Tag Archives | physical books

Book Lovers Open Thread

This post is for you! Love books? Share why! What are you reading right now?

I’ll go first :)

I can’t remember when I haven’t loved books. Some of my earliest childhood memories are about reading books. As I grew older (still a kid though) and still obviously had way too much time on my hands, I used to pretend my books were part of a library and I would create little card catalog squares that I’d tape on the spines. Some of my children’s books still have those little slips of paper. I have no idea what system I used or if I just made it up. I think I even had check out slips on the inside and tried to make my brother check them out from me. I don’t think it worked.

I’ve always dreamed of having a library in my house where I’d need a ladder that slides on wheels or a track. Sigh. Someday. I just love physical books and having them on shelves or in stacks around me bring me comfort. I love looking at them. That’s why I’d never be able to fully go digital.

It’s rare that a day goes by when I haven’t read from a book. At my local hamburger joint, the kitchen staff calls me “The Reader” because I sit at the bar twice a week and read and eat my hamburger.

I also generally have more than one book going at a time. I used to be better about alternating non-fiction with my fiction, but I’ve gotten lax lately, unless I’m needing to do research.

What I’m reading:

The Map of Time by Felix J. Palma. I picked this up about a month ago and found the tale interesting but apparently not interesting enough as it’s still sitting in my To Finish pile. It’s told from an Omniscient POV.

Characters real and imaginary come vividly to life in this whimsical triple play of intertwined plots, in which a skeptical H. G. Wells is called upon to investigate purported incidents of time travel and to save lives and literary classics, including Dracula and The Time Machine, from being wiped from existence.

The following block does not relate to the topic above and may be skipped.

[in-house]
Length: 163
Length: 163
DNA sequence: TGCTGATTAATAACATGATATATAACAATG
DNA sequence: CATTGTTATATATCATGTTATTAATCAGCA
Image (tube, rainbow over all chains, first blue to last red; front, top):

What happens if we change history?

Félix J. Palma explores this provocative question, weaving a historical fantasy as imaginative as it is exciting—a story full of love and adventure that transports readers from a haunting setting in Victorian London to a magical reality.

A Groom of One’s Own by Maya Rodale. Picked up all the ones in this series last week for my Kindle as they’re only .99 right now and am a sucker for characters who are writers. The plot is well paced as I really want to finish and find out what happens! My only quibble is some of the historical inaccuracies which pulled me out of the story several times. Mind you, I’m not one of those that needs to have it all accurate (that’s impossible) and we’re writing fantasy after all and walk a fine line between reader needs/expectations and historical accuracy. But these were small, non-plot-related details that could’ve easily been fixed without affecting the story. It’s weird because I can tell she’s researched the time period.

Miss Harlow’s marriage in high life
London, 1823